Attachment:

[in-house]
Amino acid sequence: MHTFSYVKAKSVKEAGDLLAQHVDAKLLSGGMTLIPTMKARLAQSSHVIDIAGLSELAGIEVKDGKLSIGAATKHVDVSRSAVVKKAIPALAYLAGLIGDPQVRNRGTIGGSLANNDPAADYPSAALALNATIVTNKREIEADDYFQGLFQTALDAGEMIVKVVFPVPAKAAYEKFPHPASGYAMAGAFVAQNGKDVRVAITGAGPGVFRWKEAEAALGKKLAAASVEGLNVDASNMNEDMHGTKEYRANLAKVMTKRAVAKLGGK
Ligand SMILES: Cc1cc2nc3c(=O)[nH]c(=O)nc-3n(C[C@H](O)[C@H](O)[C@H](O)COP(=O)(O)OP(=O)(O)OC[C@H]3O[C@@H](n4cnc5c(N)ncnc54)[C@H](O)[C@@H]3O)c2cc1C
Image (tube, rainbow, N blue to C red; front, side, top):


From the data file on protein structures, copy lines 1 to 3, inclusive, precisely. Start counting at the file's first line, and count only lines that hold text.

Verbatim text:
[in-house]
Amino acid sequence: MHTFSYVKAKSVKEAGDLLAQHVDAKLLSGGMTLIPTMKARLAQSSHVIDIAGLSELAGIEVKDGKLSIGAATKHVDVSRSAVVKKAIPALAYLAGLIGDPQVRNRGTIGGSLANNDPAADYPSAALALNATIVTNKREIEADDYFQGLFQTALDAGEMIVKVVFPVPAKAAYEKFPHPASGYAMAGAFVAQNGKDVRVAITGAGPGVFRWKEAEAALGKKLAAASVEGLNVDASNMNEDMHGTKEYRANLAKVMTKRAVAKLGGK
Ligand SMILES: Cc1cc2nc3c(=O)[nH]c(=O)nc-3n(C[C@H](O)[C@H](O)[C@H](O)COP(=O)(O)OP(=O)(O)OC[C@H]3O[C@@H](n4cnc5c(N)ncnc54)[C@H](O)[C@@H]3O)c2cc1C